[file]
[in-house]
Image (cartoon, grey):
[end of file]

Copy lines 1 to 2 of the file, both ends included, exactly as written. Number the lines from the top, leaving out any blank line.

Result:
[in-house]
Image (cartoon, grey):